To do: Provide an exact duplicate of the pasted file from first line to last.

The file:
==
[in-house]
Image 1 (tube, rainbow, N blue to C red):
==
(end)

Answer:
[in-house]
Image 1 (tube, rainbow, N blue to C red):